July 20, 1999
John Cutler, of the office of the Assistant Secretary for Planning and Evaluation at the U.S. Department of Health and Human Services, explains in the July/August issue of Assisted Living Today Magazine why he personally believes Americans looking to pay for assisted living should consider long-term care insurance.
After explaining why it is unlikely that Medicaid will pay for assisted living and describing the benefits and limitations of other financing options (such as selling the home, a reverse mortgage, and accelerating or viaticating a life insurance policy), Cutler suggests several reasons to purchase long-term care insurance:
"Long-term care insurance is an option for baby boomers and others who wish to plan early for possible needs in the future....Long-term care insurance is designed specifically for taking care of long-term health needs such as moving into an assisted living facility. (Indeed many financial planners will make the purchase of long-term care insurance part of the plan.)
"With such great odds of needing care--as many as one in three Americans are likely to need some degree of significant help when they are older--it makes sense to insure against these future needs."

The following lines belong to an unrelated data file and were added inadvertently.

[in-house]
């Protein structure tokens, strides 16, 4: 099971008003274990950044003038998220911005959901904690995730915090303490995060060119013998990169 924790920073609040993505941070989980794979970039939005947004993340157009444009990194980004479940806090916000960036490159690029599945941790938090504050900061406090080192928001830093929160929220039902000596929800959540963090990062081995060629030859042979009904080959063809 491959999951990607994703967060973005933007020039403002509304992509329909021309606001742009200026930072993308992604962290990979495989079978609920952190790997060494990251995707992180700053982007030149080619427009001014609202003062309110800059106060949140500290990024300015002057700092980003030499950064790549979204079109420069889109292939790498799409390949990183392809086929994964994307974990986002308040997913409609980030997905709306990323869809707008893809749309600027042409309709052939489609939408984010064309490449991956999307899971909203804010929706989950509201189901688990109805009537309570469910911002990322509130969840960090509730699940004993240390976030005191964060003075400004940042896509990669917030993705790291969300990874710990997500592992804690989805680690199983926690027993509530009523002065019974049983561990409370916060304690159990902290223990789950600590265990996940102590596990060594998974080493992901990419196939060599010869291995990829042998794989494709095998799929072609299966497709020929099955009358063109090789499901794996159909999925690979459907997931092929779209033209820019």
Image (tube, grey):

In a related "sidebar" feature entitled "Should You Buy Long-Term Care Insurance?", Cutler begins:
"You wouldn't think of not having auto or homeowners' insurance, or life insurance if you have young kids. Yet one of your biggest risks is that at some point you will need care for an illness or injury that puts you out of action for a long period of time, or permanently. While many are familiar with disability insurance...long-term care insurance is available to cover illnesses or injuries that become particularly evident with age."
*Source: John Cutler, "Writing the Check," Assisted
Living Today Magazine, Vol. 6, No. 6, July/August 1999, pps. 36-39.
The article's disclaimer states, "The comments in this article
are solely those of the author and do not necessarily reflect
the opinion of the Department of Health and Human Services."